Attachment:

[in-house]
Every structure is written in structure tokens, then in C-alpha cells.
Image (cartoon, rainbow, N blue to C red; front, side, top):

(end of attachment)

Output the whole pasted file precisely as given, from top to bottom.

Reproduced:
[in-house]
Every structure is written in structure tokens, then in C-alpha cells.
Image (cartoon, rainbow, N blue to C red; front, side, top):